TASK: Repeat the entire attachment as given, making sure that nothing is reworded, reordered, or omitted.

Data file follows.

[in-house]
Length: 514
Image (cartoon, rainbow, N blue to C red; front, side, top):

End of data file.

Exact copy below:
[in-house]
Length: 514
Image (cartoon, rainbow, N blue to C red; front, side, top):